Contests and Validation

Last night, as I was trying to fall asleep, my phone rang with a new text, one that would have me jumping up and down for the next few minutes.

A little back story. I work for my college’s literary magazine. We have two co-editors, an engaged couple with a sweet sense of humor, and I am part of the support staff on the literary side as opposed to the art side. Every year, the magazine launches a contest to bring in submissions and generate good public opinion. The categories range from studio art and photography all the way to short stories and essays. A panel of separate judges look at the different submissions and put together a list of first, second, third, and honorable mention winners for us to proofread.

I submitted story, one I worked on and agonized over for days. I drew up at least six drafts and sent it to several trusted readers for feedback before sending it in. I figured it would be better to submit one excellent story instead of the maximum three and having those be mediocre.

This, along with the personal nature of the story, made me nervous about finding out the winners of that category. Never having won a contest like this, I felt sure that rejection was inevitable.

Then, when I grabbed my phone that night, I nearly jumped out of my skin. One of my bosses texted me just to tell me that my story had placed first in its category. I jumped and squealed with my best friend, called my mom, and told as many people as were awake that night. It took me another hour to get to sleep.

There is something unbeatable about the feeling you receive when you’ve won something that means a lot to you. It tells you that all your hard work and practice has paid off in someone else validating your talent. Now, why we as humans need the validation of other people is a subject for another post, but it is a fact, and I felt it acutely as I lay in bed with the thought running through my head,¬†I won. I won first place. They picked my story out of all the rest and called it the best. Thank you, God. Thank you. Thank you.¬†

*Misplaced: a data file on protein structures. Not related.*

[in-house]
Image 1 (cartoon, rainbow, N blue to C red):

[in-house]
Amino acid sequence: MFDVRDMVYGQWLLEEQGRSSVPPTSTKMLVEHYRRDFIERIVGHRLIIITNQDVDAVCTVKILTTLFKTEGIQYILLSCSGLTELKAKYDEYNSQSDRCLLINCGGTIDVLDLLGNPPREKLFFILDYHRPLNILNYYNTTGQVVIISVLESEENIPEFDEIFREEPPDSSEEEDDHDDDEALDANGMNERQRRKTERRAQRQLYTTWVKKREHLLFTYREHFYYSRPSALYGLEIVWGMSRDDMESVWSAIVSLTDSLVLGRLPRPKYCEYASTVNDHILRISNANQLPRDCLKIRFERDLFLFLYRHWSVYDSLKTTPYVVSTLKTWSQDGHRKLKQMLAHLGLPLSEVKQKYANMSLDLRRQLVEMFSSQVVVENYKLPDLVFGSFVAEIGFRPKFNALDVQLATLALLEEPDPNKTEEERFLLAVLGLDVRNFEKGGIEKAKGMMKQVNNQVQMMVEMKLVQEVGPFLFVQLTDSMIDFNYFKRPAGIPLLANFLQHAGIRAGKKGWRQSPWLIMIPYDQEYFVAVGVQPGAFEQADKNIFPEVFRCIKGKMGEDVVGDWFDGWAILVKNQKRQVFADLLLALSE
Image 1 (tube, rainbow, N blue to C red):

I can’t wait to see my story and my name in print and in the hands of my fellow classmates and even professors. I only hope they like it as much as the judges did.

Rain Storms and Finding Comfort

In case you didn’t know, the weather in the south is fickle and¬†temperamental, prone to sudden tantrums and bouts of rage. Yesterday and today have seen the strength of those episodes.

As I made my way through Alabama and Mississippi to my private college located just ten minutes outside of Jackson, I found my hands gripping the steering wheel tighter and tighter. Rain lashed and pounded the windshield, and I nearly hydroplaned three times. Swaths of rain and gray obscured taillights and turn signals, and I started praying that God would just get me safely to campus.

My hands ached hours after releasing the wheel, and I discovered an irritating crick in my neck from hunching over so much. But I made it in one piece, only to discover that the closest parking spot to my dorm was across the street in a huge lot.

Have you ever tried carrying in a heap of clothes and other essentials all by yourself? I don’t recommend it. My shoulders are still speckled with burst blood vessels from where my backpack straps dug into them.

Today saw a massive swell of rain and wind, leaving my feet red and icy after walking to and from the college bookstore (also across the street) with my textbooks. The street has morphed into a chilly River Styx, with street signs acting as ferrymen for disheveled students who could not care less about the cars grumbling at their stop signs.

However, despite all of that, I find myself in a fairly good mood. Whether it was the success of my first pair of classes, the happiness I felt at obtaining two Norton Anthologies, or the anticipation of a Chinese buffet waiting for me, I have retained a calmness I did not think would stay with me.

I’m sure I could philosophize and muse on what this all means (the storms of life against my success and attitude), but I really don’t want to. For now, I just want to enjoy the softness of my blanket and the Green Day songs spewing from my laptop speakers.

But who knows? Maybe I’ll have a great epiphany and expound on all of this tomorrow.

Until then.